Heegan Lee Piano Recital
Esplanade Recital Studio
28 June 2017)
This review was published in The Straits Times on 30 June 2017 with the title "Piano savant takes on Chopin and Jay Chou in debut recital".
There have been famous cases of concert pianists making careers despite learning the piano at a relatively late age. The legendary Russian Sviatoslav Richter and more recently, Frenchman Lucas Debargue (finalist of the 2016 Tchaikovsky International Piano Competition), are well-known.
Singapore has her own such talent in 26-year-old Heegan Lee, who received lessons at 14 after he was noted playing Tchaikovsky's First Piano Concerto upon viewing a DVD. Diagnosed to be a “prodigious musical savant”, he graduated with a Master's degree at the Manhattan School of Music in 2014.
Far from appearing like some schizoid Glenn Gould-like character, he is a personable young man with lots of charisma, much of which showed in his 150-minute long debut recital. The first half was purely classical, opening with four Rachmaninov pieces. There was much to admire in his handling of complex counterpoint and fussy filigree in Arcadi Volodos' transcription of the Andante (from the Cello Sonata) and Earl Wild's version of Vocalise.
Both are extremely difficult, but he whipped them off with much to spare. The song-like passages and effulgent Romantic spirit were fully upheld. This suffusion sometimes felt overdone in Rachmaninov originals, such as the rumbling Musical Moment No.4 (Op.16 No.4) and Prélude in G sharp minor (Op.32 No.12).
Over-pedalling became an issue in three Chopin pieces, smudging textures and submerging the prodigious fingerwork. Nonetheless his technical achievement in the Fantaisie-Impromptu, Ballade No.4 and Revolutionary Etude was enviable. In the last, the use of right hand octaves instead of spreading the running passage to both hands at its conclusion was an audacious sleight of hand.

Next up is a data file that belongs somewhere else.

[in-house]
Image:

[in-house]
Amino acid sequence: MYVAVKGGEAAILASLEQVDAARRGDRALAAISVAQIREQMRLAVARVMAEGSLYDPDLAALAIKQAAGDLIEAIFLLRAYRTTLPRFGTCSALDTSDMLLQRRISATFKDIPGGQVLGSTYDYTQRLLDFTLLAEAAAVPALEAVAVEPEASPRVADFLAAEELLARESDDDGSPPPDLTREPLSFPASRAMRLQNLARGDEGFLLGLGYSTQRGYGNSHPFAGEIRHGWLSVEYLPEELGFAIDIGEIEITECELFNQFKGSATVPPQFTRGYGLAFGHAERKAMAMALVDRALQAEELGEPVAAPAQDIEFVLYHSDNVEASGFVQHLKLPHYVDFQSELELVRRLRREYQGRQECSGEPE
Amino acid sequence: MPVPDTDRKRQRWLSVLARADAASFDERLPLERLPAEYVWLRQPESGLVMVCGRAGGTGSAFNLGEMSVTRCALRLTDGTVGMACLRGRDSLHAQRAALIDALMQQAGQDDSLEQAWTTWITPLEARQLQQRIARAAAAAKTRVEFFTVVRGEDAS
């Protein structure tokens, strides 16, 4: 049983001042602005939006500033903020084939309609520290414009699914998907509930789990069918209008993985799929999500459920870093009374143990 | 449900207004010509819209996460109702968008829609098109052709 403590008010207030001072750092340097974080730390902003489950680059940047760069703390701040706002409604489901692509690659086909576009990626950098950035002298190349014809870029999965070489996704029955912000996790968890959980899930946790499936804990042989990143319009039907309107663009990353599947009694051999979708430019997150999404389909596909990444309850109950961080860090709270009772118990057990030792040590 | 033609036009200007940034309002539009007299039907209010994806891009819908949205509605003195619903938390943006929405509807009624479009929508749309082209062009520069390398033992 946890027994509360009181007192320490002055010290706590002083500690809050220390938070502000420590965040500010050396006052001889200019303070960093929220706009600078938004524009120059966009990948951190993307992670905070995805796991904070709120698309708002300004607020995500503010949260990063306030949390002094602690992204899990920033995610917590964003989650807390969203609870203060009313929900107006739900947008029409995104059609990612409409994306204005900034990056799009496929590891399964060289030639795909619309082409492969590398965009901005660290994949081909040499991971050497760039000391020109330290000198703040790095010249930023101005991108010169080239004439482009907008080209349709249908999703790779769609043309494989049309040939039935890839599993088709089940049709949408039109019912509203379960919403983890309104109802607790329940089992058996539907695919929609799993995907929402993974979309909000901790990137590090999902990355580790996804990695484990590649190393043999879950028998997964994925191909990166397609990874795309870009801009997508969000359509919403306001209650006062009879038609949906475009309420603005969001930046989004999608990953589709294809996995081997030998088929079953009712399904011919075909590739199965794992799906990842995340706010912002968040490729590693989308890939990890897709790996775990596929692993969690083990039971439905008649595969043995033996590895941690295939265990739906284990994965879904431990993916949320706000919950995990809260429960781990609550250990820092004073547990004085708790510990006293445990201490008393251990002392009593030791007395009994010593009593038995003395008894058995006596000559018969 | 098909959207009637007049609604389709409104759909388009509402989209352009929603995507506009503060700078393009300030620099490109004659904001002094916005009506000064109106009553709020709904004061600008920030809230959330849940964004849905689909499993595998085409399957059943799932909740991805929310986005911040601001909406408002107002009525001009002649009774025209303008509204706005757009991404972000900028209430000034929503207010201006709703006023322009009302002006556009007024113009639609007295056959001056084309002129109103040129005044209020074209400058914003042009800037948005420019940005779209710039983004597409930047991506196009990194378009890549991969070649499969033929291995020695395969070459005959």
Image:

Much of the long second half was, by his own admission, hotel lounge and elevator music. Here Lee seemed more at home playing popular melodies by Yiruma (River Flows In You and Kiss The Rain) and Kevin Kern (Sundial Dreams). In
(Song From A Secret Garden), the art of preluding
was relived, playing the opening bars of Chopin's C minor Prélude before
segueing into the piece proper. Secret Garden
Lee's own original composition The Journey, written for a video commercial, followed along these New Age influenced lines, closing with upwardly-mobile arpeggios like a neo-Bachian chorale. With the recital proper over, he played pop-like improvisations on short themes and motifs offered by members of the audience. This aspect of pianism is now a lost art. How refreshing to see it being revived, even on its own popular music-inflected terms.
|A young piano student was given a chance|
to provide a short theme for Heegan to improvise on.
There was a long encore segment, which included a 15-minute long medley of Jay Chou hit songs and a mash-up of two JJ Lin numbers. By this time, the audience was melting away with people making to the door while he was still playing.
However disrespectful that was, Lee was undeterred by offering yet more short pieces by Joe Hisaishi (Spirited Away), Manuel Ponce (Intermezzo in E minor) and finally Francis Poulenc (Novelette No.3). This was a lot of piano music indeed, but when performed this lovingly, what matters?